Bookmaker Paddy Power has reported profit before tax for the six months to end June of €77 million, a 22% increase on last year.
Diluted earnings per share are up 13% to 137 cent.
Revenue is up over 20% in constant currency with growth in every division, especially in the area of online and mobile where net revenue was up over 100% to €104 million.
Patrick Kennedy, CEO of Paddy Power said online now represented three quarters of the group’s profit.
"Online revenues were up 29% in the first six months. Two thirds of customers transacted with us via mobile in the first six months. Mobile revenues are over double the mobile competitor base."
Retail operations are also performing well with operations in over 90 towns and cities across the UK alone.
Patrick Kennedy said he was not very concerned by falling stock prices or a view by Davy stockbrokers that the share price was over-valued.
"The key for us is to position business as well as we can. We over-index in mobile and social media. The prospects are excellent and the stock market will put its value."
Mr Kennedy said the company was fine with the introduction of online betting taxes here and an increase in the rate in the UK, once it's enforced appropriately across the boundaries.
Builders Merchant group Grafton has reported operating profit of €68.4 million for the six months to the end of June.
That includes a once off pension scheme credit arising from a restructuring of the scheme.
Underlying operating profit increased 17% to €36.6 million.
Grafton CEO Gavin Slark said there was a recovery in profitability in both the UK and Irish markets.
"This year the market in Ireland has been relatively flat. But that's the most positive we've seen in the Irish housing and construction market in years. We've seen an improvement in profitability in Irish builders merchant business and the retail business coupled with scale of the UK business."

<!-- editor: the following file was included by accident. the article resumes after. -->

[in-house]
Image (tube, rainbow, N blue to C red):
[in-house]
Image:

Gavin Slark said the restructuring of its Irish retail operations had turned out well with a small profit in Woodies for the six months after a huge loss in the same period last year.
"The restructuring and examinership was the right thing to do from our perspective and it's had the right impact on the results of that part of the group."
Mr Slark said the summer months had been very strong and they had benefited from the weather this summer and the improved sentiment in the Irish market.
Ulster Bank believes the Irish economy will struggle to pick up this year and move beyond the 0.2% growth recorded last year.
It has pushed expected GDP growth out to 2014 when it expects the economy to grow by around 2%.
The expected uptick next year is reflected in encouraging trends in employment, property prices and investment.
External factors will also help with the emergence of a more positive dynamic in some of our major export markets.
US banks are facing big fines for misselling mortgages.
Regulators in the States are reportedly demanding $6 billion from JP Morgan to settle allegations that it sold securities to government-backed Fannie Mae and Freddie Mac without checking their quality.
The lawsuits alleged that the mortgages did not meet investors' criteria and as borrowers fell behind in payments, the value of the securities fell, causing huge losses.
Elsewhere, a judge in the US has lifted obstacles to a government lawsuit that seeks $1 billion in damages from Bank of America on similar charges.